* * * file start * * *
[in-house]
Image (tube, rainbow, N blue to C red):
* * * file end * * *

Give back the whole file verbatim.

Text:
[in-house]
Image (tube, rainbow, N blue to C red):